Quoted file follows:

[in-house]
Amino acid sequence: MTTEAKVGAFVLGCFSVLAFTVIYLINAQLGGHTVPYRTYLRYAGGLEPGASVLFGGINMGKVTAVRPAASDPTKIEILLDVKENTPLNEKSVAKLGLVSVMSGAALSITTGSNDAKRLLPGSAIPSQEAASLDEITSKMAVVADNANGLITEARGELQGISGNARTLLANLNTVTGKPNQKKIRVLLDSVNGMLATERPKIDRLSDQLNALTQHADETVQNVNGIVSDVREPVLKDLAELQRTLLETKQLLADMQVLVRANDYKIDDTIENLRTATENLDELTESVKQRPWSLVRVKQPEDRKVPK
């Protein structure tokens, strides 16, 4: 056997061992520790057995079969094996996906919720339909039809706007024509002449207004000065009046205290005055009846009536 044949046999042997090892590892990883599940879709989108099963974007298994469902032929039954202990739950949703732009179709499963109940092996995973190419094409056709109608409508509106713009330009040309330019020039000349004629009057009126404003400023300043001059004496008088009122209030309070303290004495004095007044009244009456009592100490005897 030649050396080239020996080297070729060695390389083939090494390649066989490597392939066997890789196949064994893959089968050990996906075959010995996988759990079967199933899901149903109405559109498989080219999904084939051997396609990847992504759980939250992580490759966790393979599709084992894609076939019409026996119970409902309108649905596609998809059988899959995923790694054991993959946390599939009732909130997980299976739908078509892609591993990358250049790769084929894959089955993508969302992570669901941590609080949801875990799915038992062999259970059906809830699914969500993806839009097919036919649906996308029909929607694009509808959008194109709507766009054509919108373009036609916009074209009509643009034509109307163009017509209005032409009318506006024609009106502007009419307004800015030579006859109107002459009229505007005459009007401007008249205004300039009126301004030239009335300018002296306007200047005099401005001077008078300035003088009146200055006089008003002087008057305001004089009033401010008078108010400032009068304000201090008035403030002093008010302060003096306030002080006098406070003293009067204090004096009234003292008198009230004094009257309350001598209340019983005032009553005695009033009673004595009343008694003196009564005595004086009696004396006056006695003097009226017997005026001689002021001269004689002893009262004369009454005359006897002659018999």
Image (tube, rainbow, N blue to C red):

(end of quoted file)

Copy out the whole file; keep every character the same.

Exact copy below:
[in-house]
Amino acid sequence: MTTEAKVGAFVLGCFSVLAFTVIYLINAQLGGHTVPYRTYLRYAGGLEPGASVLFGGINMGKVTAVRPAASDPTKIEILLDVKENTPLNEKSVAKLGLVSVMSGAALSITTGSNDAKRLLPGSAIPSQEAASLDEITSKMAVVADNANGLITEARGELQGISGNARTLLANLNTVTGKPNQKKIRVLLDSVNGMLATERPKIDRLSDQLNALTQHADETVQNVNGIVSDVREPVLKDLAELQRTLLETKQLLADMQVLVRANDYKIDDTIENLRTATENLDELTESVKQRPWSLVRVKQPEDRKVPK
């Protein structure tokens, strides 16, 4: 056997061992520790057995079969094996996906919720339909039809706007024509002449207004000065009046205290005055009846009536 044949046999042997090892590892990883599940879709989108099963974007298994469902032929039954202990739950949703732009179709499963109940092996995973190419094409056709109608409508509106713009330009040309330019020039000349004629009057009126404003400023300043001059004496008088009122209030309070303290004495004095007044009244009456009592100490005897 030649050396080239020996080297070729060695390389083939090494390649066989490597392939066997890789196949064994893959089968050990996906075959010995996988759990079967199933899901149903109405559109498989080219999904084939051997396609990847992504759980939250992580490759966790393979599709084992894609076939019409026996119970409902309108649905596609998809059988899959995923790694054991993959946390599939009732909130997980299976739908078509892609591993990358250049790769084929894959089955993508969302992570669901941590609080949801875990799915038992062999259970059906809830699914969500993806839009097919036919649906996308029909929607694009509808959008194109709507766009054509919108373009036609916009074209009509643009034509109307163009017509209005032409009318506006024609009106502007009419307004800015030579006859109107002459009229505007005459009007401007008249205004300039009126301004030239009335300018002296306007200047005099401005001077008078300035003088009146200055006089008003002087008057305001004089009033401010008078108010400032009068304000201090008035403030002093008010302060003096306030002080006098406070003293009067204090004096009234003292008198009230004094009257309350001598209340019983005032009553005695009033009673004595009343008694003196009564005595004086009696004396006056006695003097009226017997005026001689002021001269004689002893009262004369009454005359006897002659018999």
Image (tube, rainbow, N blue to C red):